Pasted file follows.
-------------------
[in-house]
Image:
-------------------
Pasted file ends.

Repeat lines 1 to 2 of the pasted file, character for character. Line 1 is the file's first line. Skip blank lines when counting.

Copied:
[in-house]
Image: